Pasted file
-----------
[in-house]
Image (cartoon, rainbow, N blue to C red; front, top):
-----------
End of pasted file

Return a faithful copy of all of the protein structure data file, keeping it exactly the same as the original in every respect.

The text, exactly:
[in-house]
Image (cartoon, rainbow, N blue to C red; front, top):